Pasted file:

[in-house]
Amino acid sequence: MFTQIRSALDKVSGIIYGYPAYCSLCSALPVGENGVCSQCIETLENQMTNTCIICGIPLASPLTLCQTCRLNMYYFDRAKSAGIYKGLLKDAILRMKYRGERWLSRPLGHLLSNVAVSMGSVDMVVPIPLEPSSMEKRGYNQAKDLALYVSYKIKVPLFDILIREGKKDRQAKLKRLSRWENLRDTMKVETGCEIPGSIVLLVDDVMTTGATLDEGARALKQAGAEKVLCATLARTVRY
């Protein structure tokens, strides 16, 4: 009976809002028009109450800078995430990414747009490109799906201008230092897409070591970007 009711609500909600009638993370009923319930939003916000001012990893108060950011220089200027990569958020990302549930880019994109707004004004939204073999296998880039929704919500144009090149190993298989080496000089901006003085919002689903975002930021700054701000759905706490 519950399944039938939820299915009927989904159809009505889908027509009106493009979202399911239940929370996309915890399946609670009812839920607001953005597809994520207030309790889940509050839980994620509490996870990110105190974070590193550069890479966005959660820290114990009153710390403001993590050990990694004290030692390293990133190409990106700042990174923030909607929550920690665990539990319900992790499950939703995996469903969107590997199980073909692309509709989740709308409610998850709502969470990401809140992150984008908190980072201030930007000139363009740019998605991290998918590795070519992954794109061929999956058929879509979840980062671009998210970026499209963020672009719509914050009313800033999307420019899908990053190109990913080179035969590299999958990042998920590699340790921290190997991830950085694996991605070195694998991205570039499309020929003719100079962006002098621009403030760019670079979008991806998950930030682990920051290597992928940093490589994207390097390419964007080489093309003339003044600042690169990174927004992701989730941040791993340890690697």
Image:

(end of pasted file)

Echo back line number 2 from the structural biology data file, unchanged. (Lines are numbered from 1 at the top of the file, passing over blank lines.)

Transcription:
Amino acid sequence: MFTQIRSALDKVSGIIYGYPAYCSLCSALPVGENGVCSQCIETLENQMTNTCIICGIPLASPLTLCQTCRLNMYYFDRAKSAGIYKGLLKDAILRMKYRGERWLSRPLGHLLSNVAVSMGSVDMVVPIPLEPSSMEKRGYNQAKDLALYVSYKIKVPLFDILIREGKKDRQAKLKRLSRWENLRDTMKVETGCEIPGSIVLLVDDVMTTGATLDEGARALKQAGAEKVLCATLARTVRY